Opponents Maintain Pressure Against Harbor Heights Expansion

Posted on 20 March 2013

photo-17

By Kathryn G. Menu

Save Sag Harbor attorney Jeffrey Bragman not only made a case against the re-development and expansion of the Harbor Heights Service Station on Hampton Street during a public hearing on Tuesday night, he also made a case against the project’s legality.

The East Hampton attorney, who attended the Sag Harbor Zoning Board of Appeals (ZBA) meeting representing Save Sag Harbor, also charged he believes Leonard should be seeking use variances, in addition to the area variances he already needs.

In Leonard’s case, the standards required for the ZBA to grant a use variance for his project, would likely be “fatal,” noted board member Michael Bromberg, who appeared to agree with Bragman on this point.

Tuesday night’s meeting was the third formal public hearing in front of the ZBA on the Harbor Height’s expansion.

Leonard is proposing a 1,842 square-foot building to replace the existing Harbor Heights Service Station building, with a 972 square foot convenience store within it. Several areas, where goods are not visible, including the bathroom, have not been counted towards the total square footage of the store. Expanded pumps and fuel positions are proposed under a canopy, as are two new curb cuts into the property, 32 parking spaces and new landscaping.

The building will be pushed back into the property although will still sit perpendicular to the road. Unlike its current layout —with four fueling positions almost sitting in the right-of-way on Hampton Street — the canopy and fueling island will also be placed inward on the property, and will also be perpendicular to the roadway.

Leonard needs a number of variances from the ZBA to make this plan a reality, including one for the 23.75 foot height of the canopy; a variance for a freestanding sign two feet from Hampton Street where 20 feet is required; and a variance for the size of the convenience store, which is capped under the code at 600 square feet, among several others.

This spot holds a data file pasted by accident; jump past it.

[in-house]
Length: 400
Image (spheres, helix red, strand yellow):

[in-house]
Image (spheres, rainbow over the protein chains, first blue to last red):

On Tuesday, Bragman said the sheer number of variances as well as the amount of relief Leonard is seeking from the code is something that should concern the board.

“One of the requirements you have to follow when you decide a case is you have to grant the minimum number of variances necessary,” he added, saying that if Leonard is going to seek this much relief, he should provide a detailed explanation on the need for these “extreme” variances.

Bragman said the addition of two new pumps is an expansion of a pre-existing, non-conforming use, noting that a pump area that takes up about 72 square feet now will expand into an area that he said will be 2,700 square feet.

“If we agree four to eight is an expansion of a non-conforming use they would need a use variance,” said Bromberg, adding it would be unlikely they could get a use variance if Leonard purchased the property while this code provision was in place.

Bragman agreed it would be very difficult for Leonard to prove he should be granted a use variance.

“One of the legal issues here is whether there is an expansion of a non-conforming use that would require a use variance,” said village attorney Denise Schoen, noting Leonard’s attorney, Dennis Downes does not believe this is an expansion of a non-conforming use. “You as a board have to make that determination.”

Bragman also noted a section of village code prohibits the expansion of a pre-existing, non-conforming use beyond 50-percent of the size of the use when it originally no longer met village code.

Looking at the chronology of the Harbor Heights, Bragman argued his research shows expansions made to the gas station use since 1956, including one undocumented expansion and another allowed by the ZBA in 1988 where he believes the board purposefully went beyond the 50 percent expansion limit, show a use that was likely 800 square feet in the 1950s. If that number holds true, Bragman said the building built at the Harbor Heights Service Station would not under code be allowed to be more than 1,204 square feet.

“We believe he should not be able to expand anything at all,” he said, adding Leonard should provide an explanation of the growth of the use at Harbor Heights and whether it meets code.